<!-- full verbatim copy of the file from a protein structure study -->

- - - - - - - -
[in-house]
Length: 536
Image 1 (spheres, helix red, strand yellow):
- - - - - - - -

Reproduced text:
[in-house]
Length: 536
Image 1 (spheres, helix red, strand yellow):